Medjugorje Message: April 25, 2009

Our Mother Mary asks us to make God’s peace our highest priority and through prayer she can help us obtain that lofty goal. I interpret the peace that Mary talks about as being a little different than the conventional notion of peace. Mary’s peace is where we try to obtain a heart centered around God’s truth. Often, I feel like the greatest war is an internal and personal one waged inside our minds and souls.

Medjugorje Mary Statue

Here is a new message from Our Lady at Medjugorje on April 25, 2009:

Dear children! Today I call you all to pray for peace and to witness it in your families so that peace may become the highest treasure on this peaceless earth. I am your Queen of Peace and your mother. I desire to lead you on the way of peace, which comes only from God. Therefore, pray, pray, pray. Thank you for having responded to my call.

The message this time is clear — pray for peace.  Our Mother Mary asks us to make God’s peace our highest priority and through prayer she can help us obtain that lofty goal.  However, I know a lot of people probably think that they are too small to bring about peace in this world.  After all, we are not leaders of nations or political groups.  We cannot attend international summits and converse with the world’s presidents.  So what can we do to create peace?

I interpret the peace that Mary talks about as being a little different than the conventional notion of peace.  It is more than just the absence of war and hatred.  Mary’s peace is where we try to obtain a heart centered around God’s truth.  I feel that the greatest war is an internal and personal one waged inside our minds and souls.  Often we live for all the wrong reasons — money, power, sinful desire, and other pleasures of the flesh.  Living for these goals creates disunity within ourselves because we replace God’s permanent and real love with shallow imitations.  We often hear stories about people who have all the money in the world and yet are not happy.  This is because they do not have the peace that only comes from following God’s will.  As Mary says, real peace can only come from God.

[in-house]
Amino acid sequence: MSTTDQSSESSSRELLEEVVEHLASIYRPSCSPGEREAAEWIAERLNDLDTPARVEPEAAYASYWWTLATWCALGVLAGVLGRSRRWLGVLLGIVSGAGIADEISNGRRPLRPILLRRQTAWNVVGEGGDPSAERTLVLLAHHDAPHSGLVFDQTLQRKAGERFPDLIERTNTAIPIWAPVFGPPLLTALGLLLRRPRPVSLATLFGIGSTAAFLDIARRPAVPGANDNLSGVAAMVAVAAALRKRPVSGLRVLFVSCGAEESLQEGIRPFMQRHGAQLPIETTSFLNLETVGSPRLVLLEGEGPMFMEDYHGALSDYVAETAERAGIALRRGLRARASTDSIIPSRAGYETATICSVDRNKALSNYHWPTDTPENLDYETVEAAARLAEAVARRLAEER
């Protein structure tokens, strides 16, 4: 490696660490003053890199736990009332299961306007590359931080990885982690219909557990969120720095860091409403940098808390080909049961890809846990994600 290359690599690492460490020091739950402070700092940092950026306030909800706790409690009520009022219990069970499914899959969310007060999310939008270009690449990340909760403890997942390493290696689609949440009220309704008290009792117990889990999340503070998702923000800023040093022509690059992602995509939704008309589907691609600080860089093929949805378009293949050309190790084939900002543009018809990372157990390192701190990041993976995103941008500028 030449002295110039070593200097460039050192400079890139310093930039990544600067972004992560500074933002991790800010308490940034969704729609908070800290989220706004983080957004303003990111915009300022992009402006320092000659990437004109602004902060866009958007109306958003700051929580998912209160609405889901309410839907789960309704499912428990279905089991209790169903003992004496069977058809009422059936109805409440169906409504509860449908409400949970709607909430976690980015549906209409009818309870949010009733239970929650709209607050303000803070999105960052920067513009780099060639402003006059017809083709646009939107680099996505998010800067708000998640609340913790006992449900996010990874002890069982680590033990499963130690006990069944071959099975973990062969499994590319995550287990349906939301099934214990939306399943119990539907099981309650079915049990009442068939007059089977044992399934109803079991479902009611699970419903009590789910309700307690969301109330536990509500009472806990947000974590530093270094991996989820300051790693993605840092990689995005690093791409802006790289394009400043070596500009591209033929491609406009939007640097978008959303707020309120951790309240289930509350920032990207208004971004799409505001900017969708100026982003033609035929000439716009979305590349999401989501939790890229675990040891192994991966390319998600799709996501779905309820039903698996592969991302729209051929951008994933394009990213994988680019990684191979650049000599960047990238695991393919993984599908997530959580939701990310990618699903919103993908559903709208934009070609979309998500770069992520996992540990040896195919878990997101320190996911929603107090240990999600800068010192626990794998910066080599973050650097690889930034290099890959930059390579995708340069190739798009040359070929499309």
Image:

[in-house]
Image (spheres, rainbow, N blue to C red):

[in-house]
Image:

I’m reminded of a story involving Saint Francis.  One day a fellow monk asked him what he could do to bring about peace in this world.  Saint Francis replied that he could start by closing the door quietly.  Saint Francis was cleverly teaching that peace begins with the individual and the conscious effort to live peacefully.  How can there be peace around the world if we are not at peace with ourselves?  The first order in building a lasting peace is to “clean house” spiritually.  Mary’s last message was all about making room for the Lord.  Where do we start?  Mary’s answer is simple — in prayer.  Peace starts with praying and being connected to God.  Without that connection we can never achieve the true peace of God.

Let us pray that we find God in our prayers in order to bring real peace to our hearts and souls.  May we have the courage to find peace, especially with those closest to us like our parents, family members, and friends.  As the song says, “Let there be peace on earth and let it begin with me.”

It’s always a good time to visit and shop in the RosaryMeds Store.

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Medjugorje Message: March 25, 2009

A message from the Virgin Mary from Medjugorje. She asks us to awaken our souls for Easter and be open to the truth of Jesus Christ.

Medjugorje Mary Statue

Here is another message from Our Lady at Medjugorje.  Like the earlier message, I ask that you read it with an open mind even if you are highly skeptical of the events surrounding Medjugorje.  If you don’t think that these messages come from Mary then please think of them as coming from a priest or prayer book.  It does not make the message any less truthful.